Increasing parallelism is the only way to get more work out of a system. Architecting for that parallelism required requires a lot of rethinking of each and every component in a system to make everything hum along as efficiently as possible.
There are lots of ways to skin the parallelism cats and squeeze more performance and less energy out of the system, and for DRAM memory, just stacking things up helps, but according to some research done at Stanford University, the University of Texas, and GPU maker Nvidia, there is another way to boost performance and lower energy consumption. The new subchannel DRAM architecture was developed in part from funding from the Department of Energy and the Defense Advanced Research Projects Agency in the United States as well as from Nvidia, and the ideas embodied in this new subchannel architecture were tested out on a simulated “Pascal” P100 GPU compute engine.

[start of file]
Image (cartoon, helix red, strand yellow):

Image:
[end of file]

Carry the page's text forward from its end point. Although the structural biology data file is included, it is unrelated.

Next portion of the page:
The subchannel architecture was detailed in a paper called Architecting An Energy-Efficient DRAM System For GPUs, which was presented back at the recent High Performance Computer Architecture symposium hosted by the IEEE. Researchers Bill Dally and Stephen Keckler of Stanford and Mike O’Connor of the University of Texas worked together on the subchannel architecture along with Niladrish Chatterjee, Donghyuk Lee, Daniel R. Johnson, and Minsoo Rhu of Nvidia. (Dally, of course, does double duty and is also chief scientist at Nvidia.) Interestingly, it looks like this new subchannel architecture could not only improve the energy efficiency of regular DRAM DIMMs but also could, to our eye anyway, also be used to improve the energy efficiency of the 3D stacked memory that would appear to be integral to future exascale-class systems, including the High Bandwidth Memory (HBM) employed by Nvidia, AMD, and Fujitsu in their various parallel compute engines.